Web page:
Facts, Prevention, and Relief for January Allergies

Can you get allergies in January?

Yes, you can get allergies any time of year. However, allergies that occur in winter months, like January, are largely caused by indoor irritants. These include dust mites, pet dander, and mold. Pollen can be another possible trigger for winter allergy symptoms depending on where you live.

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For many people, wintertime isn't just about the cold weather - it's also a time of year when allergies can occur. If you're one of the millions of people who suffer from seasonal allergies, you're probably all too familiar with the sneezing, sniffling, and watery eyes that come along with them. But what exactly are January allergies, and how do they occur?

What Causes Winter Seasonal Allergies?

Seasonal allergies, regardless of the time of year in which they occur, are the result of an adverse immune response to an otherwise harmless environmental trigger. When this environmental trigger enters the body, the immune system mistakes it for a harmful invader and produces antibodies to attack it.

These antibodies release chemicals, like histamine, into the bloodstream to protect the body. It is the release of these chemicals that cause the symptoms commonly associated with seasonal allergies, such as runny nose, itchy eyes, and sneezing.

Winter allergies are most often caused by indoor irritants like dust mites, mold, and pet dander. Of course, specific irritants can also depend on where you live - those in climates that are warm year-round are more likely to experience outdoor triggers like pollen, even in the middle of winter.

Which Allergens Trigger Symptoms in January?

Most irritants responsible for symptoms during this time of year can be found indoors. However, depending on where you live and the climate you experience, you may find that your particular triggers are outdoor allergens that are active even in the middle of winter.

Indoor Allergens

The human body can be reactive to numerous indoor allergens, but the three most common that lead to winter seasonal allergies are dust mites, mold, and pet dander.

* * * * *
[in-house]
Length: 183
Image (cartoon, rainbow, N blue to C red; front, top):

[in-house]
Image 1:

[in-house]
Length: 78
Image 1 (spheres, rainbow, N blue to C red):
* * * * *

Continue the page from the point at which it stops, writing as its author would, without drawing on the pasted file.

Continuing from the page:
Dust Mites

Dust mites are tiny creatures that thrive in humid environments. They're often found in places like bedding, upholstered furniture, and carpets - basically anywhere that there's a lot of dust.

These microscopic creatures feed off dead skin cells shed by humans and animals, which means they're present in just about every home.


Mold is a type of fungus that's found both indoors and outdoors. It grows in moist or humid environments and can often be found in bathrooms, basements, and kitchens.

Mold spores are tiny and can easily become airborne, which can be inhaled and cause an allergic reaction.

Pet Dander

Pet dander is a type of allergen that's produced by animals with fur or feathers. It's made up of skin cells, saliva, and urine and can be found in every area of the home where your pet spends time.

Even if you don't have a pet, it's possible to experience an allergic reaction to pet dander if you're exposed to it in someone else's home.

Cedar Fever

Cedar fever is a type of allergy that's caused by pollen from the Mountain Cedar tree. It's common in Central Texas, Oklahoma, Missouri, Arizona, and New Mexico and typically peaks between December and February.

Symptoms of cedar fever include sneezing, runny nose, itchy eyes, and congestion. Some people may also experience headaches, fatigue, and body aches.

If you live in an area where cedar fever is common, it's important to avoid pollen exposure. This includes staying indoors on days when the pollen count is high and wearing a mask when you have to go outside.

Common Winter Allergy Symptoms